GN electrified a 71-mile portion of their main line in the Cascades and owned an electric interurban line in Washington. Even on the diesel roster they had some unusual engines such as an early diesel built in 1926, several of the rare NW5's and the only NW3's built. Add to this the Alco heaven on the West Coast. GN diesels were first painted in an attractive scheme of green and orange separated with yellow stripes (the Empire Builder colors). Later, a nice paint scheme of blue, black and white was applied to a number of engines (the Big Sky scheme).
Great Northern Steam Roster
|R/N||QTY.||CLASS||WHEEL ARR.||BUILDER||B/D||CYLS.||DRIVER DIAM.|
|1-26||27||A-9||0-6-0||Baldwin, GN, Rogers||1903-1912||19x26||49"|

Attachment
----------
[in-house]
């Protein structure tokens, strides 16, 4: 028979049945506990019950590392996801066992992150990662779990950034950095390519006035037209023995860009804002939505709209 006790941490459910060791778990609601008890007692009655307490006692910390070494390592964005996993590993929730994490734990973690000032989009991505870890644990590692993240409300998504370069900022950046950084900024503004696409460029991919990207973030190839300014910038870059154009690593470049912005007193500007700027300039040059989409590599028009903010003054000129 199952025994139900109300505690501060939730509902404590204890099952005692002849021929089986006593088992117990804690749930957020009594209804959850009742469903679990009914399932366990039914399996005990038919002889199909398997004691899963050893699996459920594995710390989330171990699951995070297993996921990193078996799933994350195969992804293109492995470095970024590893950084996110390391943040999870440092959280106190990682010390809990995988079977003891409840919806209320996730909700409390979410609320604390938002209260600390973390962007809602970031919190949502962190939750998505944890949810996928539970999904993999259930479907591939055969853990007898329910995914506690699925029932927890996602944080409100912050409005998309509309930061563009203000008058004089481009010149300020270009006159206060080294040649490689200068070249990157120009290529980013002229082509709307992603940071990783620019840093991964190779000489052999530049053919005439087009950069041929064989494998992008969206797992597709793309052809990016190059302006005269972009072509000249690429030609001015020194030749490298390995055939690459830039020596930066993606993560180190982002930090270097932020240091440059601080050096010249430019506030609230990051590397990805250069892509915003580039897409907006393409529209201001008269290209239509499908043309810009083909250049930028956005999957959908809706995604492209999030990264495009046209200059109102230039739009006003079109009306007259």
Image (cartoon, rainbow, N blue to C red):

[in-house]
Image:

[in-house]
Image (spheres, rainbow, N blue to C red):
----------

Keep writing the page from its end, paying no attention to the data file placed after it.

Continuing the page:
|49-57||9||A-9||0-6-0||Baldwin, GN, Rogers||1903-1912||19x26||49"|
|73-94||22||A-9||0-6-0||Baldwin, GN, Rogers||1903-1912||19x26||49"|
|380-399||20||A-9||0-6-0||Baldwin, GN, Rogers||1903-1912||19x26||49"|
|780-790||11||C-4||2-8-0||GN(rebuilt from F-8)||1926-1930||20x32||55"|
|850-869||20||C-2||2-8-0||GN(rebuilt from F-6)||1925-1927||21x32||55"|
|870-873||4||C-5||2-8-0||GN(rebuilt from F-5)||1929-1930||20x32||55"|
|875-899||26||C-3||2-8-0||GN(rebuilt from F-9)||1925-1927||21x32||55"|
|1350-1374||25||H-5||4-6-2||GN(rebuilt from E-14)||1921-1927||23½X30||73"|
|1375-1384||10||H-7||4-6-2||GN(rebuilt from E-14)||1926-1927||23½X30||73"|
|1710-1724||15||H-6||4-6-2||GN(rebuilt from J-1, J-2)||1921-1927||23½X30||69"|
|2030-2043||14||R-1||2-8-8-2||Baldwin, GN||1925,1928||28x32, 28x32||63"|
|2175-2189||15||Q-2||2-10-2||GN(rebuilt from P-1)||1928||29x32||63"|
|3300-3344||45||0-5||2-8-2||GN(rebuilt from L-2)||1922-1925||25x30||63"|
|3350-3371||22||0-6||2-8-2||GN(rebuilt from L-1)||1925-1926||28x32||63"|
|3375-3395||21||0-7||2-8-2||GN(rebuilt from M-2)||1929-1930||31x32||69"|